April 21st, 2010
02:00 PM ET

Security Brief: Cell phones to 'smell' biochem attack?

The Department of Homeland Security hopes new phones could sense chemicals in the air.

If you ever get caught up in a chemical or biological weapons attack, your cellphone may save your life. Or at least that’s the ambition of the Department of Homeland Security.

The Department’s science and technology team has begun talks with four cell-phone manufacturers on designing ‘nextgen’ phones that would be able to sense a wide variety of noxious chemical compounds in the air – and alert the user. The director of the “Cell-All” program at the DHS, Stephen Dennis, tells CNN that within a year, “We expect up to 80 prototype cell phones to be developed that can be then tested against various agents.”

The vision is to alert cell-phone users to all sorts of risks – from accidental gas leaks to a terror attack using poison gas. For example, if ammonia escaped from a train wreck, the gas would trigger an alert. The chip – at current prices – would cost as little as $1.

One of the technologies being examined is a porous silicon “nose” that is based on – amazingly - the beetle shell. Professor Michael Sailor at the University of California San Diego uses silicon to mimic the way a beetle’s complex shell produces iridescence. Sailor uses chemistry to give silicon particles a sponge-like structure. The particles’ pores are designed to recognize and sop up molecules of certain toxins. So these “artificial” noses can potentially detect scores of chemical compounds.

NASA is also involved – helping with the chemical sensing, and using technology designed for measuring air quality in the space program.

“They rethought the platform,” says Dennis, scaling it down to ‘nanosize.’

The application would go beyond warning the consumer. Dennis’ team is already consulting emergency service providers to see how phone alerts might be automatically fed to authorities. Dozens of alerts from multiple phones in one location would help responders quickly to assess the nature and extent of the threat. In technical jargon, this “crowd-sourcing” helps provide a more accurate read-out of the threat. (So for example if someone spilt some bleach at a laundromat, it would not translate into a major public emergency.) The alert process would take less than a minute – and that seems a lot more efficient than hundreds of panicked citizens dialing 911.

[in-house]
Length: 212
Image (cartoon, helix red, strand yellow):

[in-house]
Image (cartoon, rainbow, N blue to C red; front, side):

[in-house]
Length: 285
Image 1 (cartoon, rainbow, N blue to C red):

Imagine how useful such an application would have been had you been a Tokyo commuter on March 21 1995, when members of the Aum Shinrikyo cult released sarin gas in five coordinated attacks on the city’s subway. Eight people died; more than 5,000 were taken to hospitals.

Don’t expect the application to be ready tomorrow – the “Cell-All” folks acknowledge it could be several years before it is commercially available. The manufacturers involved have to grapple with design issues, power drain and other challenges. And the sensors have to be designed in such a way that the number of “false positives” is kept to a minimum. A lot of false alerts would not do anyone’s nerves much good.

The DHS stresses that the technology would be optional in phones and that data transmissions would be anonymous.

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Filed under: National security • Technology
soundoff (51 Responses)
  1. Codex

    The biggest use of this I see is carbon monoxide and radon detection. Common problems for many, and this would be a very effective cure.

    April 21, 2010 at 3:16 pm | Report abuse |
  2. Michael

    Okay, so there you are, standing at 57th and Park Ave. and your phone starts beeping an alert that you're in the middle of a poison gas attack, what do you do? Oh, I know, hail a cab and sit in stand-still traffic for two or three hours while rigor sets in.

    April 21, 2010 at 4:15 pm | Report abuse |
  3. tx_n8iv

    if my cell phone could just tell me which "fellar is the smellar" ...

    April 21, 2010 at 4:37 pm | Report abuse |
  4. Orval Hollingsworth

    Michael your paranoid. Think instead of what else this technology can detect. Things you wouldn't want detected. Then think, can you really turn it off.